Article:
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Mainstream, VOL LV No 19 New Delhi April 29, 2017

Three Paths to Media Salvation or Perfidy

Sunday 30 April 2017

by Amitava R. Sinha Roy

Newspapers are at an inflection point today as readership habits are changing due to digital adoption being faster than expected. The future of the print media is at stake with big national dailies shutting editions, laying off staff, slashing costs and freezing expansions and investments. Smaller papers have been travelling on this path for quite some time.

A slow but relentless fall in the number of readers, time spent in reading newspapers, advertisement rates and volumes coupled with the November 8 demonetisation bombshell made Indian newspaper managements an extremely worried lot as 2016 drew to a close and into the New Year. With the newspaper industry facing a massive resource crunch, three major groups took different routes to weather the storm. While The Telegraph cut pages, supplements and laid off staff, The Hindu raised its cover prices and the Hindustan Times shut editions and bureaus apart from laying off staff.

 Two wrongs and a rigHT (a pun on HT!)? Or so, it would seem. But, on a more discerning look, not quite so.

 According to an e-mail sent on December 6, 2016, by Rajiv Verma, the HT Media CEO, addressed to everyone in the group: “Our revenue streams on print business have been under strain for a prolonged period now. With every passing quarter, we are staring at a possibility of serious profit erosion for the company. It is high time that we bring in some proactive inter-ventions... We have therefore decided to undertake a serious introspection of our costs & spends, followed by all necessary actioning that would help us reduce costs and become a more productive & efficient outfit. Partnering us in this endeavour would be the Boston Consulting Group (BCG) and their team has been deployed on the ground. The program will focus on all core functions — Procurement, Manufacturing, Editorial, Sales, Marketing, Circulation, IT & Admin...”

Hindustan Times wound up its business bureaus in Delhi and Mumbai. To add insult to injury, the HT management then announced the closure of the newspaper’s Kolkata, Ranchi, Bhopal and Indore editions. HT bureaus in Allahabad, Varanasi and Kanpur were also shut.

HT shrewdly, but, of course, sadly for journalists, decided to close editions which were not market leaders and not expected to make headway. Similarly, bureaus which had poor newsgathering records and were situated in skimpy news areas were shut. The money saved is expected to be invested in hiring journalists, among other activities, in Delhi, where it is the market leader, and in Mumbai and Chandigarh where it is seen to be surging. The tree gets fresh impetus to grow when the dead leaves and branches are pruned, so to say.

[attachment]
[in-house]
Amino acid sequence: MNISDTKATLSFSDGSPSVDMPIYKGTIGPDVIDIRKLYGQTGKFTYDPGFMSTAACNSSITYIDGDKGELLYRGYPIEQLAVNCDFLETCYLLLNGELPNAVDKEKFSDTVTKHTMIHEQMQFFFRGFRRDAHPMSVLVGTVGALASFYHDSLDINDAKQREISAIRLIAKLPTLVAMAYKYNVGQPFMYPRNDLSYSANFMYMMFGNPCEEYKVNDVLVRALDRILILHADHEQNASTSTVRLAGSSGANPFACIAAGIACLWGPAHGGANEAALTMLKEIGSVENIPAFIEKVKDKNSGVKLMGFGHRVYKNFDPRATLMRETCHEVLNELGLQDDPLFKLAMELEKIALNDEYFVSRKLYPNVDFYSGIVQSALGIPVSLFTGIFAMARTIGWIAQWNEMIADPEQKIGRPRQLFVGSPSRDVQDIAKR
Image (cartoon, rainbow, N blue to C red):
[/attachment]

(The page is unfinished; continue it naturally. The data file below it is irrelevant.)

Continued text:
This is one path righteously travelled.

But the most intriguing and idealistic move has been made by the venerable The Hindu which recently raised its cover prices. Is this marketing ‘no no’ likely to offend loyal readers? Will the circulation of The Hindu be affected by the price rise? The cover price has been raised in Delhi from Rs 8 to Rs 10 on weekdays and from Rs 8 to Rs 15 on Sunday, effective from February 17. The cover price for weekdays in Chennai is Rs 4, on Friday it is Rs 5, on Saturday Rs 6 and on Sunday, it rises to Rs 12. With this, the circulation numbers may not hold. Marketing circles say that it is too early to tell but at least 1000 The Hindu subscribers in Chennai could have stopped buying on Sundays as of now since the cover price is Rs 12. The number is expected to go up.

 The price-conscious readers of The Hindu in Chennai and other parts of Tamil Nadu may move to a cheaper English newspaper. Also, 50 per cent of English newspaper readers who read a Tamil daily could shift to lower priced products. Hence, The Times of India may not be the only one which could gain numbers. Indian newspapers have kept cover prices among the lowest in the world (Rs 3-5 per copy on an average) so as to keep them affordable for readers for whom the newspaper is a source of not just information and entertainment, but also education and knowledge. As result, circulation revenue remains low and does not come anywhere near covering the cost of producing and distributing newspapers (adver-tisers cross-subsidise readers), according to a recent Times of India editorial, Indian newspaper industry: Red ink splashed across the bottom line. Hence, The Hindu decision to raise cover prices is revolutionary or may even be termed foolhardy.